3D Printing for Metal Fabrication: Helpful?

3D Printing for Metal Fabrication

3D Printing for Metal Fabrication: Helpful or Not?

The implementation of 3D printing has revolutionized modeling and prototyping for metal manufacturers. The 3D printers allow for rapid prototyping from AutoCAD designs, including custom components, which enable complex designs that are difficult to produce with conventional machining, molding or casting.

At first, 3D printers were used to create plastic models. This restricted its capabilities to only certain types of projects for sectors such as construction, consumer product design and engineering projects. They were primarily used to develop models for demonstration purposes. Unfortunately, 3D printers are found inadequate in heavy industries like mining and metal fabrication.

Restrictions linked to metal 3D printing

Although 3D printers simplify manufacturing and product conception, it is important to keep in mind that its technology is still restricted to working with liquefiable materials such as plastic and polystyrene. When considering materials like metal, the challenges significantly increase.

  • Consistency in finish: The widespread use of 3D metal printing, in the Canadian mining industry, has been delayed, because the proper finishing required for the final product remains inconsistent. Consistency with internal finishes is important for products such as engines, moving parts and gears. However, with 3D metal printers, this is difficult to achieve as most metal casts may have liquid or air passing through them at a high speed, which results in uneven interior surfaces that may lead to corrosion.
  • Achieving the required strengths to withstand stress: Products and tools that are used in the mining industry are consistently under high pressure and stress.  They must be reliable, without cracking, bending or breaking, after repeated use. However, certain metal alloys used in mining components are difficult to work with, because tool manufacturers require high production capacity at low cost.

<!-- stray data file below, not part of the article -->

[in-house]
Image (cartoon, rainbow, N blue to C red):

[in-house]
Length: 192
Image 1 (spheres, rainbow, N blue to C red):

• High costs in producing simple machine parts: Large companies mainly use 3D metal printers for low-volume complex designs on the shop floor. Currently, mass-production of simple mechanical products is expensive in correlation to traditional mass-production techniques such as casting or welding.
  • Difficulties in working with certain metals: Creating components out of certain metals, like titanium, makes 3D metal printing laborious. Aside from the cost of titanium, the main drawback is that it is challenging to work with, because it has a tendency to harden during cutting and forming, which results in high tool wear.  Additionally, when welded, it weakens the welds if the proper precautions are not followed.
  • Technical challenges still need to be addressed: Various challenging areas have yet to be addressed such as faster build times, better quality prints, and easy to use CAD-CAM software. Unless these areas are improved upon, many manufacturers will become aware of the indirect costs of building components, through the use of 3D metal printers, being higher than that of traditional metal fabrication methods.

The 3D printing technology has made it possible to challenge the manufacturing processes of many industries such as medical, aerospace and consumer products; however, it has become relegated to niche components and products. In the mining industry, where components and tools must be strong, relatively simple and built in mass quantities, 3D metal printers will inevitably fall short in delivering the perceived benefits.